Some great authors have published their worst works from beyond the grave. A few though, keep getting better when they’re dead, such as the Chilean novelist and short story writer, Roberto Bolaño. His seminal five-part novel, 2666, came out posthumously, won the National Book Critics Circle Award and convinced the world he was not just a master of the short form but could put out his life’s best work at nearly 900 pages, even after death.
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Friday 08 March 2013
'I've promised myself I'll meet Mickey'
Sunday 17 February 2013
Till ordinary life does us part ...
Friday 15 February 2013
A master of 'lit-crit' dissects the mechanics of good and bad writing in this essay collection.
Sunday 10 February 2013
He was a boxing writer whose vivid, funny pieces helped establish The Independent on Sunday
Sunday 10 February 2013
Seven Years' War, run like clockwork
Thursday 17 January 2013
Actor Ian Hart is set to play John Lennon for the third time in a one-off television show that imagines the legendary musician walked out on The Beatles in 1962 just before they became famous.
Tuesday 04 December 2012
Comic Vic Reeves is to take a guest role as a butler who gets bumped off in a new Miss Marple TV drama.
Saturday 24 November 2012
Where are you now and what can you see?
Sunday 04 November 2012
Tuesday 30 October 2012
A bibliographer set to work on Elspeth Barker's slim-line oeuvre would probably finish the job in a morning.
Wednesday 24 October 2012
Is it acceptable to talk on the phone when you're sitting on the toilet? The American humourist David Sedaris says not, though his sister Tiffany would beg to differ. "Don't mind me," she has been known to say, with the strained tone of someone engaging in heavy lifting, while clasping the phone to her ear. "I'm just… trying to get… the lid… off this… jar."
Monday 22 October 2012
The 007-fan was tasked with condensing the classic series in a way that would appeal to both diehard and new readers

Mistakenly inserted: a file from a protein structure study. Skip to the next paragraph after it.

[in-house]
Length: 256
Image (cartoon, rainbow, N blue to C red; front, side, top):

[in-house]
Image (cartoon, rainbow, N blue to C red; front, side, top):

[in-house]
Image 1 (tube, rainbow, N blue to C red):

Saturday 20 October 2012
The population of Norwich in the early Eighties was not ethnically diverse. So when my family – Mauritian in origin – moved to the city, to what was then a white working-class area, we were objects of some suspicion. Perhaps a kinder word would have been "curiosity". Certainly it never got worse than name-calling – the ubiquitous "Paki" shouted across the street. This didn't bother me.
Friday 19 October 2012
As a satire of British public life, The Thick of It, is widely admired. But when it was revealed that the comedy would pillory public inquiries, it seems the Leveson Inquiry into press standards suffered a sense of humour failure.
Sunday 14 October 2012
The acute sensitivity that makes a great novelist can also result in a vivid but bristling, score-settling autobiography
Thousands of teenage girls enduring debilitating illnesses after routine school cancer vaccination
Migrants in Kos: Photos show real tragedy after Brits abroad complain of 'awkward' holidays
British tourists complain that impoverished boat migrants are making holidays 'awkward' in Kos
Michael Gove determined to scrap the Human Rights Act – even if Scotland retains it
Threat to scrap Human Rights Act could see UK follow Nazi example, warns UN official
Church of England 'one generation away from extinction' after dramatic loss of followers
- 1 School kitchen manager 'fired from Colorado school for giving hungry students free lunches'
- 2 California man brutally beat 82-year-old Sikh grandfather he mistook for 'one of those people'
- 5 Charles Kennedy 'had better judgement drunk than many sober politicians' says Ian Hislop